Flickr advanced search showing where to access licence options Screenshot 2018-10-16 14.23.53.png

  4. * Freebies Gallery (formerly Public Photo)
  5. * Google Images (handy tip: use -pinterest in your search, then adjust the licence you want, Tools Β» Usage rights)

    Google Image search for flowers showing Tools and Usage rights aka License options Screenshot 2018-10-16 14.20.35.png

  6. Gratisography
  7. Morguefile
  8. * NASAΒ – I think almost all US Government department images, when taken as part of publicly-funded work, are free to use though they might like credit too. Here are NASA’s media-use guidelines.
  9. Picjumbo
  10. Pexels
  11. Pikwizard
  12. PixabayΒ <– I’ve used this one a lot
  13. * Public Domain Review – a collection of collections, eg this lovely one on comets aka Flowers of the Sky.
  14. Rawpixel
  15. Reshot
  16. * Science Museum Group collection – use freely, but only for non-commercial projects. Images are from the Science Museum in London, Railway Museum etc
  17. Stockvault
  18. Unsplash
  19. * Wellcome Collection images – free to use with attribution (credit) but check for individual photos

An * just means I’ve added this resource to Sean’s list (also reordered alphabetically).

1. What terms mean and how you can use images

Images that are labelled as Public Domain (or CC0) can be used for any purpose including commercial and you don’t need to credit the person who took it (but it’s still nice if you do) or pay for it. Creative Commons-labelled images have different ‘levels’ of how they can be used – they don’t cost money but you may have to credit the author, and you may not be able to use them on commercial projects. Some image repositories (like Pixabay) share images that can be used under a very relaxed license but also include a tip jar so that you can ping the author the equivalent of a cup of coffee.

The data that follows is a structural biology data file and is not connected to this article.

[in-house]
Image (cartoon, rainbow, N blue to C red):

See also Best practices for (Creative Commons) attribution

2. Embedding images into blog posts (for example)

Obviously if you’re printing a brochure you’d need to be able to download a high-res image and attribute as appropriate (or not needed if CC0, or no attribution requested).

Flickr, for example, generally takes care of attribution itself.

  1. Autoembedding from link: For a WordPress.com blog like this one simply pasting the link into the post will result in the image appearing, already linking back to its page on Flickr for people to find out who took it.
  2. Embed code: For Blogger.com sites this auto-embedding doesn’t work so for things like that you’d use the embed code. The code carries attribution info and a link back so is just another way of doing (1)
  3. Downloading: You can save a copy of the image then upload to your site – doing this means it will no longer carry any info about author attribution (beyond the filename, unless you change it). You would need to add a caption or find some other way of referencing it appropriately.

3. Further reading

How to add alt-text descriptions to pictures on Twitter for visually impaired people

I’ve seen a couple of tweets and Twitter threads in the last couple of days that have gone a bit viral, highlighting that everyone can set something up in their Twitter settings to make things easier for visually impaired users. If you switch ON the option to be able to caption your photos then, whenever you upload a pic to Twitter, you can click on the image and add a text description. This description doesn’t show up in your tweet (it doesn’t impinge on your character limit) but is useful for those using voice software.

  1. History
  2. How to set it up
  3. Write good descriptions

1. History: Twitter rolls out the ability to add alt text in 2016, initially just for phone apps I think, then later it rolls out to everything.

2. How to set it up

Full info in How to make images accessible for people but for desktop users (like me) the steps look like this, below.

a) Go to https://twitter.com/settings/account and scroll to the bottom of the panel on the left, click on Accessibility.

Screenshot 2018-01-06 00.12.14

b) Make sure there’s a tick next to ‘Compose image descriptions’

Screenshot 2018-01-06 00.14.00

Example of what it looks like when you upload a picture to desktop

Screenshot 2018-01-06 00.41.22

Click anywhere on the image to Add description and write your text in the box that appears.

Screenshot 2018-01-06 00.41.55

3. Write good descriptions: Lovely thread from RobotHugsComics (h/t ScottKeir) with suggestions of what to actually write in the description window.